FIG. 3 is a block diagram of a functional architecture of a communications network, according to an embodiment of the invention. As shown in FIG. 4, a functional architecture includes source device 102, load balancer 302, performance server 304, SIP servers 306A, 306B, 306C, and 306D, a network 308, and a destination device 106. The load balancer 302 is coupled to the source device 102, the performance server 304, and each of the SIP servers 306A, 306B, 306C, and 306D. The performance server 405 is also coupled to each of the SIP servers 306A, 306B, 306C, and 306D. Further, network 308 is coupled to each of the SIP servers 306A, 306B, 306C, and 306D and the destination device 106.

The load balancer 302, performance server 304, SIP servers 306A, 306B, 306C, and 306D may each include a processor, each of the processors being configured to read and execute instructions from a processor-readable storage medium. In one variation, the load balancer 302 and the performance server 304 share a processor. The storage medium may be or include, for instance, a hard drive, Random Access Memory (RAM), or a Computer Disc (CD) Read Only memory (ROM). The load balancer 302, performance server 304, SIP servers 306A, 306B, 306C, and 306D may each be configured, for example, with a server operating system, examples of which include Linux™ or Windows™ server operating systems. SIP servers 306A, 306B, 306C and 306D may each be configured as SIP proxy servers.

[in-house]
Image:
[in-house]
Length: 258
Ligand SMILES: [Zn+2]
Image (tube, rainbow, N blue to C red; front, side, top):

The load balancer 302 is configured to receive a SIP message from source device 102. Informed by the performance server 304, the load balancer 302 is configured to forward the SIP message from the source device 102 to a selected one of the SIP servers 306A, 306B, 306C, and 306D. In turn, the selected SIP server establishes a session between the source device 102 and the destination device 106.